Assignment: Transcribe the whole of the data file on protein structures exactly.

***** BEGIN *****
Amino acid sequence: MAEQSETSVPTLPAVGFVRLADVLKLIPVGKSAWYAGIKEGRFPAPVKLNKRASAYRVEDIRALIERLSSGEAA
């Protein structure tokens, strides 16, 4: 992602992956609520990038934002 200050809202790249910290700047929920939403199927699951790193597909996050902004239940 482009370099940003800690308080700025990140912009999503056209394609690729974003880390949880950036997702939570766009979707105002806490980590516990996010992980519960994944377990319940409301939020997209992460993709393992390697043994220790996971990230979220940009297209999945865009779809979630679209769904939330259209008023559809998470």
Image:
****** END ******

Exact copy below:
Amino acid sequence: MAEQSETSVPTLPAVGFVRLADVLKLIPVGKSAWYAGIKEGRFPAPVKLNKRASAYRVEDIRALIERLSSGEAA
């Protein structure tokens, strides 16, 4: 992602992956609520990038934002 200050809202790249910290700047929920939403199927699951790193597909996050902004239940 482009370099940003800690308080700025990140912009999503056209394609690729974003880390949880950036997702939570766009979707105002806490980590516990996010992980519960994944377990319940409301939020997209992460993709393992390697043994220790996971990230979220940009297209999945865009779809979630679209769904939330259209008023559809998470």
Image: